Daily Life with Dementia

While life with dementia is hard for patients, its toll on caregivers can be just as significant, especially for those faced with never-ending care while trying to earn a living, maintain their own health needs and have a life outside of caregiving.

In this video, we hear from Gloria and her aging mother, Geraldine, who has vascular dementia. Gloria is her mother’s primary caregiver. At the time the video was recorded Geraldine was relatively high functioning, but Gloria knows that her mother’s health will continue to decline and her needs will grow as her dementia progresses. At some point, families like Geraldine’s will have difficult decisions to make, including whether to provide continuing care at home or move a loved one to a dementia care location.

How Do You Start the Search for a Memory Care Community?

When it feels inevitable that your current care situation won’t be sustainable for the long-term, hold a family meeting to discuss what might be possible moving forward. It’s important to include all relevant family members who’ll be affected by this decision. For instance, all of Mom’s kids should be invited, whether or not they’re able to attend.

If discussing this sensitive topic will cause more pain and controversy within your family, hiring an unbiased participant, like a pastor, counselor, or social worker can help make the meeting go more smoothly and give everyone a voice.

Another tip: type up a meeting agenda. It doesn’t need to be fancy or complicated, but by adding a few talking points, you can stay on track more easily. Some ideas to discuss pertaining to your loved one:

  • Health issues per their doctor’s analysis
  • Physical restrictions they’re experiencing, including daily activities they can no longer perform
  • Social interaction—are they getting any or enough?
  • Caregiving costs
  • Emotional and financial concerns
  • Questions

It’s always good to have caregiving options, whether or not you’ll need to use them in the future. We’ve put together a list of questions to ask when interviewing memory care communities that are right for your family. Things to consider include:

  • Location
  • Care levels based on your specific needs
  • Types of rooms—shared versus private
  • Safety measures, including building security and staff expertise
  • Community policies
  • Amenities and resident activities
  • Overall community culture, ambiance, and compassionate nature of caregivers

Emotional and financial support from the rest of the family plus some outside assistance help Gloria manage her mother’s care. As she states, providing continuous care is all-consuming, and she feels that her life is not her own.

This situation puts Gloria at high risk for caregiver burnout, a serious condition affecting many caregivers. Symptoms of burnout include social withdrawal, depression, irritability, sleeplessness, inability to concentrate, and a host of other health problems.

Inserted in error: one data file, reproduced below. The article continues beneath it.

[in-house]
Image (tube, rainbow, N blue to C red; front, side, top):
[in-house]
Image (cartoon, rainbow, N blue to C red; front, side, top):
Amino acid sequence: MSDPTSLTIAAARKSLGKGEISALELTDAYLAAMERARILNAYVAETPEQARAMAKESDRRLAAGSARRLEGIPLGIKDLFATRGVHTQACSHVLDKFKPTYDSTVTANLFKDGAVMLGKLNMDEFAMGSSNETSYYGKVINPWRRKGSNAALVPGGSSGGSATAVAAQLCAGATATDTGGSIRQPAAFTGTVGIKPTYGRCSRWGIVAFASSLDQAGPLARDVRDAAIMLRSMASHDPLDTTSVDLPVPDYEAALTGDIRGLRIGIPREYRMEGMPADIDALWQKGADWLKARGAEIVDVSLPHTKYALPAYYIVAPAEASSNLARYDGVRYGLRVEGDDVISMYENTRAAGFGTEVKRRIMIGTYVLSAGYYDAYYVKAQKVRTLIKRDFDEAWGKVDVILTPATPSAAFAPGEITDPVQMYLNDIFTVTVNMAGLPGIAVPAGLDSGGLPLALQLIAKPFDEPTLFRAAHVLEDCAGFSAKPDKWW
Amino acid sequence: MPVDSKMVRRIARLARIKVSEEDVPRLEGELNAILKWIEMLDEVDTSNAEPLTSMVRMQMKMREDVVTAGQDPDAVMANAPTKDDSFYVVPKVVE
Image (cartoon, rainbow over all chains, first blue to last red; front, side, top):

A report from the family caregiver alliance states that clinically significant symptoms of depression appear in 40-70% of caregivers, with many of them meeting the diagnostic criteria for major depression.

This video titled How to Set Boundaries as a Caregiver might give you some tips healthy tips on managing your caregiving responsibilities. Talking with a therapist is also another step to creating a more balanced life for yourself and your family.

Are you at risk for caregiver burnout? If you notice some of these signs, it might be time to consider more help:

  • Changes in your personality, like losing your temper more often or not caring about things that used to be important to you
  • Being constantly exhausted
  • Getting frequent colds, migraines, skin breakouts or allergic reactions, muscle aches, digestive issues, or other stress-related illnesses
  • Lack of appetite or increased unhealthy eating habits

The American Psychological Association recommends a caregiver self-assessment called “How Are You?” developed by the American Medical Association.

Coming to terms with caregiver burnout may be an emotional process for you and your entire family. While very difficult, accepting that change is needed is a healthy way to not only care for your loved one who has dementia, but to also take good care of yourself. Resistance to moving out of a beloved home is a perfectly normal feeling, so as you’re weighing options, here are some thoughts on the benefits of community memory care:

  • Your loved one will have someone watching over them 24/7. This is an invaluable gift in keeping your parent or relative safe from harm, including serious falls or accidents.
  • A community setting offers social activities to keep your loved one engaged and interested in living to their fullest potential. Conversations, playing music, or piecing together jigsaw puzzles all contribute to treating the effects of dementia.
  • As their current caregiver, you get a break from doing all of the heavy lifting. Your health can start to improve as you get back to your daily routine and the things you enjoy.

As hard as it may be to accept, caring for yourself is another way to care for your loved one. Support groups can be a lifeline that can help you feel supported, understood, and connected.

Remember the airlines telling us to always put our oxygen masks on first, then help others? It’s the same with caregiving. Make a point to nurture your own wellbeing before giving everything over to another individual, even a beloved parent. That way, they get the proper care they need, too. Based on this theory, here’s a tip from Harvard Business Review.

Need someone to talk to? We’re here to help.

Avalon Memory Care in Dallas, Houston, and Arlington is home to residents who need professional, loving dementia care. Families can reach us at (972) 713-1383.










By |2022-10-31T11:09:02-05:00October 31st, 2022|Categories: Uncategorized|0 Comments